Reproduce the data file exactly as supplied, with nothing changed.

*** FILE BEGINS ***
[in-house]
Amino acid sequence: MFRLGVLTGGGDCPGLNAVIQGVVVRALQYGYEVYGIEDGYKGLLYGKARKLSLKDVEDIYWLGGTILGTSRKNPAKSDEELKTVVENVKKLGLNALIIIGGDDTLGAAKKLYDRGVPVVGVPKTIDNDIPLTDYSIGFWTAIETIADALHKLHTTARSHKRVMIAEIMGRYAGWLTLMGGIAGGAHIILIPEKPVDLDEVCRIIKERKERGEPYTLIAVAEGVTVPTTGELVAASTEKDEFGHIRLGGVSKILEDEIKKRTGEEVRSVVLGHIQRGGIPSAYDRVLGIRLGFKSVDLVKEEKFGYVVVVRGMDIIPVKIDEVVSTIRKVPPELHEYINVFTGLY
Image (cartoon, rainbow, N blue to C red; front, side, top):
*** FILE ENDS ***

[in-house]
Amino acid sequence: MFRLGVLTGGGDCPGLNAVIQGVVVRALQYGYEVYGIEDGYKGLLYGKARKLSLKDVEDIYWLGGTILGTSRKNPAKSDEELKTVVENVKKLGLNALIIIGGDDTLGAAKKLYDRGVPVVGVPKTIDNDIPLTDYSIGFWTAIETIADALHKLHTTARSHKRVMIAEIMGRYAGWLTLMGGIAGGAHIILIPEKPVDLDEVCRIIKERKERGEPYTLIAVAEGVTVPTTGELVAASTEKDEFGHIRLGGVSKILEDEIKKRTGEEVRSVVLGHIQRGGIPSAYDRVLGIRLGFKSVDLVKEEKFGYVVVVRGMDIIPVKIDEVVSTIRKVPPELHEYINVFTGLY
Image (cartoon, rainbow, N blue to C red; front, side, top):